Ruin was the Devil’s Goal. The image Jesus chose, that of sifting like wheat, is painfully graphic. “The picture is of grain in a sieve, where the head of grain is taken apart (cf. Amos 9:9). Our English idiom of ‘picking someone to pieces’ or ‘taking someone apart’ has similar emotive force. Satan would like to bring Peter to ruin and leave him in pieces, exposing his lack of faithfulness. This leader of the Twelve is a prime target, and Jesus knows it” (Darrell Bock). Satan did not intend to merely play around with Peter for a while, to have some fun with him and then leave him alone. The devil’s single desire was to destroy Peter once and for all. And he would have succeeded had it not also been true that Jesus the Son of God had already been praying for Peter before his particular temptations came upon him.
Jesus had a More Powerful Role in this Fight. Jesus told Peter, “but I have prayed for you [singular], that your faith may not fail” (Luke 22:32). “While Satan thus acts as the cunning adversary, Jesus acts as the intercessor, the advocate of His disciples and especially of that particular one whom He had previously pointed out as the leader amongst them” (Geldenhuys). Though Satan takes full advantage of Peter’s human weaknesses and succeeds in temporarily derailing him, the Evil One fails to fully destroy the apostle because Jesus intercedes for him. What a comfort this is! Every true believer in Christ has the assurance that Jesus continues to be our intercessory prayer warrior.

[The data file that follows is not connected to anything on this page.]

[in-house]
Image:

Nonetheless, Temporary Failure would Result. Regardless of the Son of God’s prayers for him, Peter would indeed fail. His human faithlessness would be revealed and would drive him back to his compassionate, restorative Savior. Darrell Bock says that Jesus’ intercession “does not mean that Peter will never fail, but that whatever failure he has will be temporary….Peter will not fall away completely, since Jesus goes on to note that, when Peter turns back from his failure, he is to strengthen the brothers. Peter’s failure will be a failure of nerve, not a heart denial of Jesus. The remark is a note of reconciliation before the fact and pictures how God offers total forgiveness. He knows our failure and still extends his hand graciously to the believer who trusts him.”